Moths sexually reproduce, with a male and female mating to produce offspring. The male uses anal claspers to grasp the female and pass her a package of sperm that she will use to fertilize her eggs when she lays them.
How do moths mate?
The majority of moths fly during the night, though many species fly in the day, or during dusk and dawn. It is their nocturnal habits that have meant moths are often less colourful than butterflies as adults, as colour plays less of an important role. Many moth species will instead have colours and patterns that help them to remain camouflaged during the day, when they are vulnerable to predators.
|Egg||The first stage of the moth’s life cycle. Moth eggs are usually laid on suitable host plants or substrates and hatch into larvae.|
|Larva||Also known as caterpillars, moth larvae are the feeding stage of the life cycle. They undergo multiple molts, growing in size and consuming plant material.|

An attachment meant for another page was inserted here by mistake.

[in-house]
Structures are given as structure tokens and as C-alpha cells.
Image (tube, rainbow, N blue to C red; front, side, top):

|Pupa||After the larval stage, the caterpillar transforms into a pupa inside a protective cocoon. This is a stage of metamorphosis where major changes occur.|
|Adult||The final stage of the life cycle, the adult moth emerges from the pupa. It is the reproductive stage and typically has wings for flying and mating.|
|Mating||Adult moths engage in mating behavior to reproduce. They release pheromones or use visual cues to attract mates.|
|Courtship||Moths may perform specific courtship rituals, such as wing displays or aerial dances, to attract and select mates.|
|Egg-Laying||Female moths lay eggs on suitable host plants, often near or on the leaves. The number of eggs laid can vary depending on the species and environmental conditions.|
|Parental Care||Some moth species exhibit varying degrees of parental care, such as guarding the eggs or providing protection for the larvae.|
|Sexual Dimorphism||Moths may exhibit sexual dimorphism, where males and females have different physical characteristics or behaviors related to reproduction.|